The issue revolves around what it means to be best in class. Ford claims that its 2015 F-450 (pictured above) has a max tow rating of 31,200 pounds, compared to 30,000 pounds for the Ram 3500 (right). However, both companies market these heavy haulers as having the top towing in their class. According to Automotive News, Ford is threatening legal action if Ram doesn't back down.
The situation isn't as simple as just comparing the numbers, though. First, the two companies calculate their towing capacities differently. Ram adheres to the SAE J2807 rating, while Ford uses its own internal system. Although, as the company introduces new models, they are certified using the SAE standard. "When an all-new F-Series Super Duty is introduced, it also will use SAE J2807," said Ford to Autoblog in an emailed statement.
The second issue hinges on whether the F-450 and Ram 3500 are even in the same class at all. The "best-in-class" boast hinges on both trucks belonging to the Department of Transportation's Class 3 rules, stipulating that above a gross vehicle weight rating of 14,000 pounds, a model moves into Class 4. Ford claims that the F-450 has a GVWR of exactly that amount. However, according to Automotive News, the company removes the spare tire, tire jack and center console to reach that number.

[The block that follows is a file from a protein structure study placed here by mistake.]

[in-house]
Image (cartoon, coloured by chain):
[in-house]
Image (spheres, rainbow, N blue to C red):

Ford is sticking to its guns, though. "The 2015 F-450 pickup is a Class 3 (10,001 lbs. – 14,000 lbs. GVWR) dual rear-wheel, chassis-certified pickup truck," said the company in a statement emailed to Autoblog.
Although, Ram isn't changing course either. "Our best-in-class claim of 30,000 pounds of towing capacity for the 2014 Ram 3500 stands firm in the 350/3500 segment. Additionally, unlike our competitors, our new 2015 Ram 3500 will hold the title and weight capacity while adhering to the SAE J2807 towing test criteria," said Ram in a statement emailed to Autoblog.